Two tales underscore the extent of fraud
January 1, 2020
It seems that whatever you do these days, you need to constantly be wary of scams and fraud—whether writing a check, shopping online, checking emails and social media, even answering your cell phone. If this is unnerving for you, imagine the confusion that a senior friend or relative may be experiencing.
Scammers prey on vulnerable adults: they are targeted not only because they may have assets, but they may be lonely and welcome the phone calls and attention. There may also be cognitive problems which can cause confusion – something the scammers count on and use to their advantage.
Recently I was made aware of two scams affecting seniors in our community.
The first one morphed into several scams that left the family scrambling to cancel their mother’s bank accounts, credit cards and cell phone number, buy a new computer, freeze her credit at the three reporting agencies and sign her up for a credit monitoring service.
This 94-year old, “Annie,” was initially contacted on her cell phone. The con man told her he was from her bank (Impostor Scam), which was her correct bank; the scammer did have that info, probably from a recent data breach. Annie was told she had a Social Security refund that couldn’t be deposited. This scam for bank account information (ID Theft) then transformed into a Tech Support Scam when the scammer convinced her to give him access to her computer. Once inside, he retrieved her bank account information by clicking on “forgot password” and having the new one sent to her email which he also controlled. The scammer then changed her banking online passwords as well as the password to log onto her computer.
Over multiple phone calls, the scammer convinced Annie to withdraw $9,000 from her bank account. He had even transferred that money from her savings to her checking account online. She took a taxi to the bank where she was instructed to withdraw the money and then buy prepaid cards at the store and read him the numbers on the back (Prepaid Card Scam).
Annie’s family doesn’t know how the scam evolved to her withdrawing money. Luckily, the banker she spoke to explained that this was a scam and stopped the fraud. Incidentally, the scammer called the victim’s cell phone while she was at the bank. She handed her phone to the banker and let him handle the call.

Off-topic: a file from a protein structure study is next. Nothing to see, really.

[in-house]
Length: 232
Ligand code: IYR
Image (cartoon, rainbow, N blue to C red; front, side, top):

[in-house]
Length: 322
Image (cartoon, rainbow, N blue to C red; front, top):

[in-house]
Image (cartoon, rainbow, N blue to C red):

This situation could have turned out so much worse than the inconvenience and time consuming efforts to change and protect Annie’s financial information. She could have lost much of her savings.
In the second scam, which is very prevalent right now, a friend received a robocall telling her this was the “final chance” (creating immediacy) to stop her Social Security number from being “suspended.” My friend thought she’d be safe calling back on the number from her caller ID rather than the call back number. The call center responder (a scam operation probably located outside of the U.S.) answered that she had reached the “Social Security Administration” and then asked for her Social Security number and other personal information to “find” her in the system. She told him that she wouldn’t give information on the phone and hung up. Although she had safeguarded her information, there was a problem with her calling back in the first place: the scammers now knew that the cell number was active and that they’d gotten her to call back even if she didn’t fall for this particular scam. She may be flagged for future scams. And keep in mind that these con artists can rig the caller ID.
What should you do? First, hang up the phone immediately whether it’s a robocall or a live person. Do not talk to the person nor press “1.” The Social Security Administration does not contact by phone. Second, never call back either the caller ID number or the number given in a message. If you really wonder if the call is legit, look up the number yourself online. This is the same advice if the call supposedly pertains to your credit card, bank account, utility bill or internet provider.
These are just two examples of recent scams reported to me. It’s important to talk to your family members about the various scams to help protect them and their assets from fraud.
For information, news and advice on scams and fraud, visit AARP’s Fraud Watch Network at aarp.org/fraudwatchnetwork. You can also call the helpline at 877-908-3360.
Michelle Tabler is a former Alaska manager for the Better Business Bureau and currently volunteers for AARP Alaska.